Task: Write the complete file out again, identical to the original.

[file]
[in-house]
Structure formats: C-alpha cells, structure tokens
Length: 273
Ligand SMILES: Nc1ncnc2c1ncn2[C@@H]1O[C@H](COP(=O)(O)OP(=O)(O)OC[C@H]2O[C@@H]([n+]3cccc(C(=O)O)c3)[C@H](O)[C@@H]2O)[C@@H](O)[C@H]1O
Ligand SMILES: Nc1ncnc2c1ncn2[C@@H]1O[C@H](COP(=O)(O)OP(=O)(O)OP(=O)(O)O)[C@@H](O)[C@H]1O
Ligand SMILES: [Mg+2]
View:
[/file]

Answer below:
[in-house]
Structure formats: C-alpha cells, structure tokens
Length: 273
Ligand SMILES: Nc1ncnc2c1ncn2[C@@H]1O[C@H](COP(=O)(O)OP(=O)(O)OC[C@H]2O[C@@H]([n+]3cccc(C(=O)O)c3)[C@H](O)[C@@H]2O)[C@@H](O)[C@H]1O
Ligand SMILES: Nc1ncnc2c1ncn2[C@@H]1O[C@H](COP(=O)(O)OP(=O)(O)OP(=O)(O)O)[C@@H](O)[C@H]1O
Ligand SMILES: [Mg+2]
View: